First sponsored in 1958, National Library Week is a national observance sponsored by the American Library Association (ALA) and libraries across the country each April. It is a time to celebrate the contributions of our nation's libraries and librarians and to promote library use and support. All types of libraries - school, public, academic and special - participate.
Thanks to ALA.org for the info!
Saturday, April 2, 2016
From the bestselling author of A Man Called Ove and My Grandmother Asked Me to Tell You She’s Sorry, a heartwarming and hilarious story of a reluctant outsider who transforms a tiny village and a woman who finds love and second chances in the unlikeliest of places.
My take: 5 looks
If you have not yet read A Man Called Ove by this same author, STOP IMMEDIATELY what you are currently reading, and get ready to consume the book in one sitting. I know! It's that good!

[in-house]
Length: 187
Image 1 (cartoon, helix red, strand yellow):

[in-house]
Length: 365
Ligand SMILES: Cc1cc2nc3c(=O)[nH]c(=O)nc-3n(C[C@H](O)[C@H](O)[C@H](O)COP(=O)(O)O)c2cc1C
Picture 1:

Only then you will understand why Britt-Marie must be close to the top of your TBR.
Britt-Marie is instantly unlikable. She is stubborn, unyielding, and extremely rude. However, she is completely adorable from the very first. Handling this dichotomy so deftly is what sets Backman as one of my favorite authors.
Stepping out on her own for the first time in ... well, ever, Britt-Marie embarks on one adventure after another. Her arrival in a small town on the verge of collapse is just what she and the townies need. With a love for baking soda, window cleaner, and a burgeoning relationship with a rat, lives are transformed. Oh, and soccer is a really big deal. Really big.
Originally published in Backman's native Swedish, the story lends perfectly to translation and holds more than one laugh out loud moment. The writing is fluid, detailed and perfectly suited to the quirky characters made alive on the pages.
Many thanks to NetGalley for making this treasure available for my pre-release review.